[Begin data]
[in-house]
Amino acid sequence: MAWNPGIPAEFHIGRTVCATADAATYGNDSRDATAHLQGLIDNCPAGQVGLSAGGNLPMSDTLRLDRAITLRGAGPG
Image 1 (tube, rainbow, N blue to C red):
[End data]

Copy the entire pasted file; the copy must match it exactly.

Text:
[in-house]
Amino acid sequence: MAWNPGIPAEFHIGRTVCATADAATYGNDSRDATAHLQGLIDNCPAGQVGLSAGGNLPMSDTLRLDRAITLRGAGPG
Image 1 (tube, rainbow, N blue to C red):